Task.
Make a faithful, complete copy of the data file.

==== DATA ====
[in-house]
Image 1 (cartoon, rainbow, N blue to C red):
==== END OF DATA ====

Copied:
[in-house]
Image 1 (cartoon, rainbow, N blue to C red):